You are here

| Neural Crest Stem Cells

Lgr5 Marks the Spot for Adult Neural Crest Stem Cells

Review of “Lgr5 marks neural crest derived multipotent oral stromal stem cells” from Stem Cells by Stuart P. Atkinson

Neural crest stem cells (NCSCs) are a self-renewing population of cells that have the ability to give rise to neurons, glia, fibroblasts, bone, cartilage, connective tissue and the dermis [1, 2]. Furthermore, various studies have found them to be present in a wide range of adult tissues. Researchers led by Agnieszka Kobielak (University of Warsaw, Poland) sought to discover whether NCSCs exist in the adult human oral mucosa and, if so, their exact location and role in normal tissue homeostasis. 

To achieve this, the group have employed the Wnt target gene Lgr5 [3] to study the presence of NCSCs in the tongue and oral mucosa and in mouse embryos to track them throughout development using in vivo lineage tracing. Their findings, reported in Stem Cells [4], suggest that NCSCs can be readily identified in the oral mucosa, giving the possibility of their isolation, cultivation and therapeutic use.

The study employed a previously developed reporter mouse which uses GFP as a surrogate marker for Lgr5 expression [3], which allowed the authors to show the presence of Lgr5-positive cells both in neural crest cells during early embryonic development (E9.5) and then in the tongue and oral mucosa of adult mice. A cross with another reporter mouse allowed the study to lineage trace Lgr5-positive cells, and this not only confirmed that Lgr5-positive cells had self-renewing capabilities, but also that they differentiated to give rise to stromal mucosa cells. Using the NC reporter mouse line Wnt1Cre [5], the study then confirmed that Lgr5-positive adult cells are neural crest derived, and so may represent adult NCSCs.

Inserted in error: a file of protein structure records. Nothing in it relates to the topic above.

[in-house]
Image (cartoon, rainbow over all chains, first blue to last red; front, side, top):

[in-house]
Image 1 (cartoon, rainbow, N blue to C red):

Excitingly, the group also showed that selected Lgr5-positive cells could be isolated and propagated in embryonic neural crest culture conditions [6], forming tightly packed, large colonies containing small cells with relatively undifferentiated morphology. At the RNA level, these cells resembled embryonic neural crest cells (expression of Sox9, Twist1, Snai1, Myc, Ets1, Crabp1, Epha2, and Itgb1) and had the ability to differentiate into cells of the neural crest lineage, including smooth muscle actin positive cells, glial cells and osteoblasts (See Figure). Finally, the authors demonstrated that Lgr5-positive cells assumed a mesenchymal fate in a de novo reconstitution assay and also played a role in tongue wound healing, so demonstrating the importance of Lgr5-positive cells in tissue homeostasis and a possible role for these cells in cell-based regenerative strategies.

The discovery of multipotent, self-renewing NCSCs in the adult may provide us with any easy to access and therapeutically relevant source of cells with multiple applications within regenerative medicine [7]. The question now has to be whether or not we can find similar cells in the human oral mucosa/tongue and whether these have similar characteristics.

References

  1. Morrison SJ, White PM, Zock C, et al. Prospective identification, isolation by flow cytometry, and in vivo self-renewal of multipotent mammalian neural crest stem cells. Cell 1999;96:737-749.
  2. Dupin E, Calloni G, Real C, et al. Neural crest progenitors and stem cells. C R Biol 2007;330:521-529.
  3. Barker N, van Es JH, Kuipers J, et al. Identification of stem cells in small intestine and colon by marker gene Lgr5. Nature 2007;449:1003-1007.
  4. Boddupally K, Wang G, Chen Y, et al. Lgr5 Marks Neural Crest Derived Multipotent Oral Stromal Stem Cells. Stem Cells 2016;34:720-731.
  5. Danielian PS, Muccino D, Rowitch DH, et al. Modification of gene activity in mouse embryos in utero by a tamoxifen-inducible form of Cre recombinase. Curr Biol 1998;8:1323-1326.
  6. Ishii M, Arias AC, Liu L, et al. A stable cranial neural crest cell line from mouse. Stem Cells Dev 2012;21:3069-3080.
  7. Kaltschmidt B, Kaltschmidt C, and Widera D Adult craniofacial stem cells: sources and relation to the neural crest. Stem Cell Rev 2012;8:658-671.